By Ruth Gilchrist, Tony Jeffs

ISBN-10: 1853027642

ISBN-13: 9781853027642

Reflecting the emphasis in social care, social coverage and welfare at the rules of group and lively citizenship, this ebook offers historiecal historical past to community-based social motion and seeks to notify and contextualize perform and coverage within the box. The e-book additionally seeks to enhance the elemental cost suggestions of sturdy groups and hyperlinks throughout teams with other forms of desire, and applies them to present coverage advancements in group accountability, the position of voluntary paintings and the way forward for social care.

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Mothers of infants and younger children quickly helped the settlement workers identify an area in which they could offer needed support and services. One of the first visitors to Hull House was a woman wanting them to watch her baby while she moved to a new home; soon Starr and Addams found themselves assisting at births (Addams 1910). The main impetus behind the founding of the Henry Street Settlement in Manhattan was Lillian Wald’s desire to extend nursing services to the indigent population of the Lower East Side, services that at Henry Street and elsewhere often had at their core the urgent medical needs of women and children in childbirth, infancy and early childhood (Wald 1915, Duffus 1938).

Her plan included not only demonstrating the continuity and differences in these processes for the benefit of visitors, but also giving meaningful employment to craftsmen and -women, and allowing them, and by extension their peers, to reconnect with the second generation of immigrants, who were beginning to scorn the ways of their parents (Addams 1910). Lissak (1989) argues that Hull House in fact missed the point when it came to honouring the cultures of the immigrants. The Labour Museum, viewed in the context of the other class and club programmes of the settlement over several decades, was just part of a larger assimilatory vision promulgated by the settlement.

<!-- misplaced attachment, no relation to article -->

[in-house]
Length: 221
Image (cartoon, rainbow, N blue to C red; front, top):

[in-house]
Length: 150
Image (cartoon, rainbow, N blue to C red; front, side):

Settlement houses into the 1940s behaved institutionally in ways that affirmed general American practices of racial separation and discrimination, either ignoring growing colonies of African Americans in their neighbour­ hoods, or helping black or white leaders to establish separate programmes or houses for blacks in the belief that they had special needs and that their presence in existing settlement programmes simply would not be tolerated by the white clientele (Lasch-Quinn 1993). While most of the early American settlements did not move into their neighbourhoods with the primary expressed intention of serving local children, not surprisingly that is what they did most suc­ cessfully and consistently over the first 100 years.

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Settlements, social change and community action: good neighbours by Ruth Gilchrist, Tony Jeffs


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